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Article: Quantitative hepatitis B surface antigen levels in patients with chronic hepatitis B after 2 years of entecavir treatment
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TitleQuantitative hepatitis B surface antigen levels in patients with chronic hepatitis B after 2 years of entecavir treatment
 
AuthorsFung, J1
Lai, CL1
Young, J1
Wong, DKH1
Yuen, J1
Seto, WK1
Yuen, MF1
 
Issue Date2011
 
PublisherNature Publishing Group. The Journal's web site is located at http://www.nature.com/ajg/index.html
 
CitationAmerican Journal Of Gastroenterology, 2011, v. 106 n. 10, p. 1766-1773 [How to Cite?]
DOI: http://dx.doi.org/10.1038/ajg.2011.253
 
AbstractObjectives: The role of quantitative hepatitis B surface antigen (HBsAg) levels in patients receiving oral antiviral therapy is controversial. We aimed to determine the HBsAg response in chronic hepatitis B patients treated with entecavir 0.5 mg daily for 2 years. Methods: A total of 166 patients were included. Liver biochemistry, hepatitis B virus (HBV) serological markers, HBV DNA, and quantitative HBsAg levels were performed at baseline, year 1, and year 2 after commencing entecavir. Additional HBsAg levels were measured at 12 and 24 weeks in patients with available sera. Results: In all, 68 patients were hepatitis B e-antigen (HBeAg) positive. Age, HBV DNA, and alanine aminotransferase (ALT) were significantly correlated with HBsAg levels at baseline (r=-0.429, 0.607, and 0.254, respectively, all P<0.05). The correlation with HBV DNA and ALT levels was reduced by entecavir treatment, and was lost after 2 years of treatment. There was an overall decline in HBsAg levels from baseline to year 1 to year 2 (3,377.4 vs. 2,316.5 vs. 1,903.0 IU/ml, respectively, P<0.001). However, at year 2, 102 patients (61%) had no significant changes (<0.5 log difference), 50 (30%) had significant decline (≥0.5 log decrease), whereas 14 (9%) had significant increase (0.5 log increase). Of the patients, 151 (91%) had undetectable HBV DNA; 25 (37%) underwent HBeAg seroconversion. Neither HBsAg at baseline nor early decline at weeks 12 or 24 was predictive of HBeAg seroconversion at 2 years. Conclusions: Despite HBV DNA suppression, the majority did not show significant decline in HBsAg levels. Early decline of HBsAg levels at 12/24 weeks was not associated with HBV DNA suppression or HBeAg seroconversion. © 2011 by the American College of Gastroenterology.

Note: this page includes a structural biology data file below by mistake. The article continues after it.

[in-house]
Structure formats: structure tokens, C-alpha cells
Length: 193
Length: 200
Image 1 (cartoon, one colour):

ISSN0002-9270
2013 Impact Factor: 9.213
 
DOIhttp://dx.doi.org/10.1038/ajg.2011.253
 
ISI Accession Number IDWOS:000295926600005
 
ReferencesReferences in Scopus
 
DC FieldValue
dc.contributor.authorFung, J
 
dc.contributor.authorLai, CL
 
dc.contributor.authorYoung, J
 
dc.contributor.authorWong, DKH
 
dc.contributor.authorYuen, J
 
dc.contributor.authorSeto, WK
 
dc.contributor.authorYuen, MF
 
dc.date.accessioned2011-10-28T02:44:56Z
 
dc.date.available2011-10-28T02:44:56Z
 
dc.date.issued2011